Another of those bellweather seats that tends to swing with the political wind. The fact that UKIP haven’t been very popular here in the past begs the question as to whether they can eat into the Labour vote to allow Ben Gummer to squeak through. The fact that the LibDems have also scored strongly in the past tends to suggest that a slab of their 18% at the last election will go to Labour as well. Gummer has provied to be a popular, independent minded MP, but has only had one term to build up a personal vote. Will that be enough? I suspect not.

4. South Suffolk

2010 Result:
Conservative: 24550 (47.7%)
Labour: 7368 (14.3%)
Lib Dem: 15861 (30.8%)
UKIP: 3637 (7.1%)
MAJORITY: 8689 (16.9%)

Sitting MP: Tim Yeo (CON)
Prediction: Definite Conservative hold

If Tim Yeo wasn’t standing down I’d have reduced this to the status of probable Conservative hold, but with the LibDem vote splitting to Labour it’s difficult to see this as anything other than a bet your mortgage Tory hold.

5. Suffolk Coastal

2010 Result:
Conservative: 25475 (46.4%)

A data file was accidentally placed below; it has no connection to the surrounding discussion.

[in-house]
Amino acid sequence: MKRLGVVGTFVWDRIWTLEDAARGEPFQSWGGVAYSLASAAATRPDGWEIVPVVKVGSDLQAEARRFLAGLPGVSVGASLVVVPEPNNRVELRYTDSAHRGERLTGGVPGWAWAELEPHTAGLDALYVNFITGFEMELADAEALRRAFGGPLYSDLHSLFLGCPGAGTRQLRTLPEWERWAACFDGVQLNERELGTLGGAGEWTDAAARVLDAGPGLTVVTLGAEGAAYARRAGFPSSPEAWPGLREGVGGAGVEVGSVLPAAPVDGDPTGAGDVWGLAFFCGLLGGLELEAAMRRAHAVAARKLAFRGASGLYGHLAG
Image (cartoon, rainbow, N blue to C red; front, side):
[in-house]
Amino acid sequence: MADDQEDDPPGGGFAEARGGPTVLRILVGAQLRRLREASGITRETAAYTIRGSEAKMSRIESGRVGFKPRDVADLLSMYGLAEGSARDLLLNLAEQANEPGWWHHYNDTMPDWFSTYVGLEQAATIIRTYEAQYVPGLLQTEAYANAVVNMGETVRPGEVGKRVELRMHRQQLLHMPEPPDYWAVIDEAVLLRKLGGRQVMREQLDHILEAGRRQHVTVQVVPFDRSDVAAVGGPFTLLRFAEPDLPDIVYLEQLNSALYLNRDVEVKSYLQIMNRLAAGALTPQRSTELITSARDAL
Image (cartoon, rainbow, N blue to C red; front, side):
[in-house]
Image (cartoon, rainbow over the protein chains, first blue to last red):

Labour: 8812 (16.1%)
Lib Dem: 16347 (29.8%)
Green: 1103 (2%)
UKIP: 3156 (5.7%)
MAJORITY: 9128 (16.6%)

Sitting MP: Therese Coffey (Con)
Prediction: Definite Conservative hold

A much safer seat than the figures show, mainly because of the high LibDem vote. Put your money on an increased majority for Therese Coffey.

6. Waveney

2010 Result:
Conservative: 20571 (40.2%)
Labour: 19802 (38.7%)
Lib Dem: 6811 (13.3%)
Green: 1167 (2.3%)
UKIP: 2684 (5.2%)
Independent: 106 (0.2%)
MAJORITY: 769 (1.5%)

Sitting MP: Peter Aldous (Con)
Prediction: Probable Labour gain

Peter Aldous has a wafer thin majority. Formerly Jim Prior’s seat it went Labour in 1997 and if UKIP take more votes off the Tories than Labour, it’s likely to return to Labour, given that they will be the beneficiary of any reduction in the LibDem vote. Aldous will still feel there is all to play for and a Conservative hold can’t be ruled out, but the odds are stacked against them.

7. West Suffolk

2010 Result:
Conservative: 24312 (50.6%)
Labour: 7089 (14.7%)
Lib Dem: 11262 (23.4%)
BNP: 1428 (3%)
UKIP: 3085 (6.4%)
Independent: 540 (1.1%)
Others: 373 (0.8%)
MAJORITY: 13050 (27.1%)

Sitting MP: Matthew Hancock (Con)